Former O.J. prosecutor Christopher Darden has received the backing of retired Judge Lance Ito in his run for a seat on the L.A. County Superior Court, Darden’s campaign announced today.
Darden and Ito are well known for their roles in the televised 1994 O.J. Simpson murder trial, but they have a longer history. Previously, Darden and Ito worked together as prosecutors in the Los Angeles County District Attorney’s Office in what was then known as the Hardcore Gang Division.
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Darden, 67, has been an attorney for more than 40 years, and worked as a county prosecutor for 15 years. He is best known for serving as a lead prosecutor in the Simpson case, which was presided over by Ito.
That case was not only a mainstay of ’90s news programming, it was also fodder for a pair of award-winning 2016 screen projects: the Oscar-winning documentary O.J.: Made In America, in which Darden declined to participate, and the Emmy-winning The People v. O.J. Simpson, in which he was portrayed by Sterling K. Brown, who won an Emmy for his performance.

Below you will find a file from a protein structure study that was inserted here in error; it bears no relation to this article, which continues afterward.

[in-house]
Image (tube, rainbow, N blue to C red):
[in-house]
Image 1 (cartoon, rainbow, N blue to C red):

The election is March 5.
“I have always had tremendous respect for Judge Lance Ito,” Darden said in a statement. “As a prosecutor, a judge and retired jurist, Judge Ito has always conducted himself with the utmost professionalism and sets the standard for fairness on the bench. I am so honored to have his support as I now seek a seat on the Superior Court.”
After leaving the District Attorney’s office, Darden’s first case back in court — as a criminal defense attorney — happened to be in front of Ito in downtown Los Angeles. Ito retired in 2015.
Darden has also been a legal commentator for CNBC, Court TV, NBC and CNN, and a law professor at Southwestern University School of Law.
As a deputy district attorney, Darden also spent time with the Special Investigation Division, where he investigated criminal activity and corruption by public officials, including law enforcement personnel.
For the past 27 years, he has been in private practice. He has also been teaching for more than a decade, serving as an adjunct professor of law, law professor and assistant professor of law.
Since 1995, he has specialized in defending white-collar crimes, narcotics, gang cases and homicides.
City News Service contributed to this report.
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